4th July 2014 London, UK
Assisting forced marriage victims: the overseas perspective
Neelam Farooq: senior Consular Assistance, British High Commission Islamabad.
It’s Monday morning and I walk into the office with yesterday’s rescue still echoing in my mind, which was in essence a cry for help from a teenage girl Yasmeen*, who is a potential victim of forced marriage. We deal with over 100 cases of Forced Marriages every year and offer support to young British nationals in extremely stressful situations.
Yasmeen was reported missing by her school in the UK to the police and the Forced Marriage Unit. She has a secret mobile and can only communicate at night. During my last conversation with her she was desperate to get out, it was difficult to understand her as she was whispering but it was clear we were her last hope. She is restricted to her house and is not allowed to go out. She has been under a huge amount of emotional pressure from her family; her mother had even threatened to commit suicide if she didn’t go through with the marriage.
Sadly many victims that we assist have been subjected to this sort of emotional blackmail and sometimes physical abuse as well. I knew we needed to act quickly but cautiously as we don’t want her to be at any kind of risk. I liaised with the Forced Marriage Unit to finalise the plans to visit her and if required rescue her from that situation. I requested support from local police to ensure everyone’s safety during the rescue. Sometimes rescues can be very heated so police help us to diffuse any tensions with the family or wider community.
On the day of the visit we left early morning as she is in a remote location. With the help of local police we were able to rescue her. She was very confused and fearful of the repercussions. My initial conversation is really important as she has made a huge decision and there are lots of questions and fears in her mind. We assured her that she is safe and will be returned to the UK safely. Yasmeen had so many questions about what would happen to her once she got back to the UK. I reassured her that she would receive specialist support from Southall Black Sisters, a UK charity that provides a repatriation service for British Nationals returning from forced marriage situations.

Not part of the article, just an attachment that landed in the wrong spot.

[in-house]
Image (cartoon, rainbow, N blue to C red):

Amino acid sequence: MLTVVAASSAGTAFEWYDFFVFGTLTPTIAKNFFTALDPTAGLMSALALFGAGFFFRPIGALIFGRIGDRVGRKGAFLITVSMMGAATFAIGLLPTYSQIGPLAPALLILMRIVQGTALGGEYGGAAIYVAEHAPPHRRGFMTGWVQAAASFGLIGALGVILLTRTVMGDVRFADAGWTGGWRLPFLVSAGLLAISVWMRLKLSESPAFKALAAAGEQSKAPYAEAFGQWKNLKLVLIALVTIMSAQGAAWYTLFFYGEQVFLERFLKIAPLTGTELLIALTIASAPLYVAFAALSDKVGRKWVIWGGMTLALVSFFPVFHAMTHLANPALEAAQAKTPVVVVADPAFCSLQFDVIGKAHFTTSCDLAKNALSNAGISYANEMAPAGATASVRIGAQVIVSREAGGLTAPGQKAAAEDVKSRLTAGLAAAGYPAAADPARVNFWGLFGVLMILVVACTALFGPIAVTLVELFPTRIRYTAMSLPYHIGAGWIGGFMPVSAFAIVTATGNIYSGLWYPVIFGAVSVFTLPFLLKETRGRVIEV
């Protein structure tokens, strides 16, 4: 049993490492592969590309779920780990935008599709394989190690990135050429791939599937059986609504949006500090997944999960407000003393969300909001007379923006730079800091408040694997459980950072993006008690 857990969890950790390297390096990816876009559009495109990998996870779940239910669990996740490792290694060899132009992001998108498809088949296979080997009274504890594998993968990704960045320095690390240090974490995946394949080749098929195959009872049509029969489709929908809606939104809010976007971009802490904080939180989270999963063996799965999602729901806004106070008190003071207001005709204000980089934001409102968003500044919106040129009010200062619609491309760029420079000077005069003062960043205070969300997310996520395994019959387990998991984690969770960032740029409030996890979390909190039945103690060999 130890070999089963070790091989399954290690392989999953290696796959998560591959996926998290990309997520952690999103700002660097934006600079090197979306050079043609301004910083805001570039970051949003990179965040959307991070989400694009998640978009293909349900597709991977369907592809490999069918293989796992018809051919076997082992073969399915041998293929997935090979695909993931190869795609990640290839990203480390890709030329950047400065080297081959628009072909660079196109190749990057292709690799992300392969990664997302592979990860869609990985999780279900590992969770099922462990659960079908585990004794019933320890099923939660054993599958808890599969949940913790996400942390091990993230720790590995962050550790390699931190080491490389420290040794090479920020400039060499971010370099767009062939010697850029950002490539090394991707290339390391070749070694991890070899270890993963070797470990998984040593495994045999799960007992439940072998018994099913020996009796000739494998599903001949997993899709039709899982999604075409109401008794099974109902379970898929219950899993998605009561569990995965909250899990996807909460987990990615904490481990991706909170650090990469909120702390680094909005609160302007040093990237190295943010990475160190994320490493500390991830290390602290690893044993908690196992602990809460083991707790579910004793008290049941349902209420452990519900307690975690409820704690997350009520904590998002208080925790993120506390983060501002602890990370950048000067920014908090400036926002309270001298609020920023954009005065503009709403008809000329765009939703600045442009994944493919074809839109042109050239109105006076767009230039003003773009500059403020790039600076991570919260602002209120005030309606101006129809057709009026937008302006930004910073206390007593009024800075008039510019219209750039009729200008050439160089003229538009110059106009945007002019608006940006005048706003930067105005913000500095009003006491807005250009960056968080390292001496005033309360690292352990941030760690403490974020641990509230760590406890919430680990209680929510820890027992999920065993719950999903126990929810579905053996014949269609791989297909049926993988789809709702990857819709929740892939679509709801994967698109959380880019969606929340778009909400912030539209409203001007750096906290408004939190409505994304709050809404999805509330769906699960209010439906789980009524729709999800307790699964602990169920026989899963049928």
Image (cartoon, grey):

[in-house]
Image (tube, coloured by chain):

Yasmeen will spend the night in the refuge that is part-funded by the British High Commission in Islamabad. I have just come back to office after visiting Yasmeen in the refuge. I handed over her flight tickets and Emergency Travel Document as her family had taken her passport away from her. She was still feeling incredibly emotional and confused but she was so grateful for our assistance and knows that ultimately she has made the right decision for her.
Forcing a British Nationals to marry overseas has now become a criminal offence in England and Wales. Yasmeen will receive support and advice if she wishes to pursue a prosecution against her family for attempting to force her to marry.
Apart from the reactive work we also engage with communities on raising awareness on these sensitive issues. I am meeting a local theatre group consisting of young artists who are very passionate about the issue of forced marriage and have done Theatre for Development ( TFD) in the past. TFD is a local initiative that takes up social issues through community engagement. I am working with them to develop script for a series of TFD workshops that will be based on real life case studies. It will engage the local community to share their views and generate a healthy debate about forced marriage and its disastrous consequences involved.
Working in the Consular team and helping the most vulnerable British nationals has been a rewarding experience. The fact that you have saved someone from extremely difficult situation and helped them in achieving their dreams; which in some cases can just be to continue education is very fulfilling.